US Patent Application 20080195261 by David Breed filed on Oct. 25, 2007 is for an arrangement for a vehicle including a sensor system arranged on the vehicle for sensing an event requiring an emergency response, a location determining device for determining the location of the vehicle, a communication device arranged on the vehicle for automatically communicating to a remote location when an event has occurred that the event has occurred and providing the remote location with the determined location of the vehicle, and a power source for providing power for the sensor system, the location determining device and the communication device. The communication device communicates to the remote location upon occurrence of the event. The location determining device may be arranged partially or entirely on the vehicle or elsewhere. The remote location may be an emergency response center which can direct aid to the vehicle's location.

US Patent Application 20080195261 by David Breed is for a method and system for deploying an occupant restraint device in a vehicle includes arranging a sensor to detect a rear impact and deploying the occupant restraint device when the sensor detects the rear impact of sufficient magnitude to require deployment of the occupant restraint device to prevent injury to the occupant. The sensor may be a crush sensor which preferably extends across a major portion of the rear of the vehicle, an inertial sensor and/or an anticipatory sensor.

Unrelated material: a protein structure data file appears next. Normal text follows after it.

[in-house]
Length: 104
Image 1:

US Patent Application 20050275522 by Karl Nitz et al. filed on May 28, 2004 is for a localized accident notification system includes an accident detector that detects a crash of a vehicle and an external alert system to provide an external alert by the vehicle that can be noticed by any people in the vicinity of the crash. Upon an indication of a crash from the accident detector a controller can direct the external alert. The external alert can have special notification properties. The accident detector may only operate if the vehicle ignition is on to discriminate from a theft alarm. The accident detector can include accelerometers, air bag detectors, or tilt sensors.

US Patent Application 20050030224 by Robert Koch et al. filed on Aug. 7, 2003 is for methods, systems and mobile terminals for vehicle crash detection using a positioning system. A vehicle crash is detected by detecting a crash condition of the vehicle using a Positioning System (PS) receiver (such as a Global Positioning System (GPS) receiver) on the vehicle. A wireless emergency signal may be generated responsive to detection of the crash condition using the PS receiver.

OnStar For-My-Vehicle (FMV) provides an after-market device by General Motors (GM) for automatic collision detection and notification. This device requires the use of a call-center, which requires $200 annual fees to be paid by user. More importantly, this device uses call center communication, which then have to be relayed to an emergency service center. This causes missing and inaccurate information, and significantly delays in such a relay of information, which in 15 percent of the accident lives to be lost due to delays in getting emergency services due to the indirection and delays in relaying of the information. Furthermore, sometime based on driving style there are false triggers of emergency. In addition, only accelerometers are used without any context information, and gyroscope and free-fall and roll-over sensing is not utilized. Moreover, no video information about accident is provided, which results in call-center personnel to continuously and repetitively seek info from the vehicle driver: Did the ambulance arrived? Did the police arrive? Did the ambulance arrive? Did the police arrive?